We all know about the squirrels, woodpeckers, and turtles who inhabit the woods around camp, but
today let us discuss a larger furry friend who also occasionally calls camp home- the black bear.
Found throughout most of the state, Minnesota is the proud home to nearly 20,000 of these big critters! Every couple of years or so we have the privilege of seeing a black bear near Camp’s grounds. Most often, the bear is just passing through, looking for tasty garbage to devour.
Speaking of “tasty” garbage, bears are as far as you can get from being fussy eaters. Aside from scavenging through dumpsters, black bears are herbivores – eating mostly fruitful berries and grasses, but also known to enjoy ants, grubs, and the occasional deer. Bears are attracted to areas with any available food source. This is why bear sightings happen in populated areas- they are simply searching for that next delicious meal. If bears continue to appear in an area you wish they did not, the best way to get rid of the bears is by removing whatever is attracting them. For example, if the bear is frequently knocking over your bird feeder, take the bird feeder away for a period and the bear will likely take your stop off his food route.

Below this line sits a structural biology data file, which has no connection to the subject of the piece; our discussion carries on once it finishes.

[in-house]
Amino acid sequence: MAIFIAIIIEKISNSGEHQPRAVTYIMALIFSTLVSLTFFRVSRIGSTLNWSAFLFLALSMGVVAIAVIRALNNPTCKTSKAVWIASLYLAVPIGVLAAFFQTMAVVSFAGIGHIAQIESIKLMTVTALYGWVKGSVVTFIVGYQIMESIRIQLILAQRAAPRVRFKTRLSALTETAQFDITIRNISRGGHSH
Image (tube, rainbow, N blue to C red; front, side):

The terrain around Foley provides for an ideal natural habitat for black bears, complete with heavily wooded areas for cover and open fields for foraging. With adequate food supplies out in the woods, bears tend to stay clear of our view. Although relatively infrequent, bears do wander close to camp. One summer, a little fella would spend his days high up in the large tree at the top of the marina! Now that is neat! This particular bear never attempted to harm anyone, but remember- black bears are large, wild animals and should not be approached or intentionally aggravated!
If you have a desire to view wild black bears in close proximity, the Foley staff would suggest looking into the Vince Shute
wildlife sanctuary. During late summer/early fall, the black bears are bulking up in preparation for the winter season. Hundreds of black bears come to fill up in a single night, and if you listen closely, you may even here a cub calling out for her mama bear. The cubs hang out up in the trees in the woods and wait for the massive adults to finish feeding before they risk venturing in for a meal of their own. Visiting this is definitely a memorable experience!